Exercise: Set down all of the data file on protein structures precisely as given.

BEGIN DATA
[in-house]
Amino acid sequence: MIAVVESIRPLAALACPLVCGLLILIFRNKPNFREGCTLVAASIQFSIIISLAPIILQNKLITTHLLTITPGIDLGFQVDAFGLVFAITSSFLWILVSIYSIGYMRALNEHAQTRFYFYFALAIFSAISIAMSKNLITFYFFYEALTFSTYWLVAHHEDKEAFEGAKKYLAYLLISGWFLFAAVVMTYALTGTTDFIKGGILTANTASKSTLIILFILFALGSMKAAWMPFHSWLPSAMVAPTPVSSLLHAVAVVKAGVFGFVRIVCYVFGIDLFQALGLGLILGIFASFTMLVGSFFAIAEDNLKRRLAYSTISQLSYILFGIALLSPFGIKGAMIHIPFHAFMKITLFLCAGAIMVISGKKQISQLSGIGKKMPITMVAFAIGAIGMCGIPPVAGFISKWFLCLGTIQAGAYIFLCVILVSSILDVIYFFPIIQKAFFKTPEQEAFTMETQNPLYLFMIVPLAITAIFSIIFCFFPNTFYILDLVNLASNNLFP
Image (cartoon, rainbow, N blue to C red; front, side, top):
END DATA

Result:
[in-house]
Amino acid sequence: MIAVVESIRPLAALACPLVCGLLILIFRNKPNFREGCTLVAASIQFSIIISLAPIILQNKLITTHLLTITPGIDLGFQVDAFGLVFAITSSFLWILVSIYSIGYMRALNEHAQTRFYFYFALAIFSAISIAMSKNLITFYFFYEALTFSTYWLVAHHEDKEAFEGAKKYLAYLLISGWFLFAAVVMTYALTGTTDFIKGGILTANTASKSTLIILFILFALGSMKAAWMPFHSWLPSAMVAPTPVSSLLHAVAVVKAGVFGFVRIVCYVFGIDLFQALGLGLILGIFASFTMLVGSFFAIAEDNLKRRLAYSTISQLSYILFGIALLSPFGIKGAMIHIPFHAFMKITLFLCAGAIMVISGKKQISQLSGIGKKMPITMVAFAIGAIGMCGIPPVAGFISKWFLCLGTIQAGAYIFLCVILVSSILDVIYFFPIIQKAFFKTPEQEAFTMETQNPLYLFMIVPLAITAIFSIIFCFFPNTFYILDLVNLASNNLFP
Image (cartoon, rainbow, N blue to C red; front, side, top):